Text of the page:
“If you went into the Abbey, you would leave the word behind,” Relii nodded.

“But wait, before the Abbey idea, he tried to get me into a Muslim harem.”

“What is a harem?” Sigisurd asked, not having understood the full story when it was going on.  Margueritte explained and Sigisurd and Relii both got big eyes and said, “Oh.”

“But why are you speaking of this now?” Relii asked.

“Because I want you to look out for whatever the next attempt might be.”

“Why doesn’t this power just kill you himself?”  Relii wondered.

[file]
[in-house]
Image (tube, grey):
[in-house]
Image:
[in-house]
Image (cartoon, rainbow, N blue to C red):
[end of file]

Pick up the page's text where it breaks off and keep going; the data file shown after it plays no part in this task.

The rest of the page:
“Oh no,” Tulip joined the conversation.  “To kill the Kairos is very bad Karma.  A sin of all sins.  Even the gods of old were prevented from killing the Kairos outright.  Our Lady might die of natural causes, and those causes might even include an enemy sword, but for any power it would be an invitation straight to Hell for the killer.”

“So, they are trying to manipulate me into a position where someone does the killing for them, or where I voluntarily remove myself from the playing field, like to the Abbey, or involuntarily get removed, like to a harem.”

“So, what will be the next move?” Sigisurd asked.

“So, what is the big coming event where you will play such an important part?” Relii asked.

They were both good questions.

###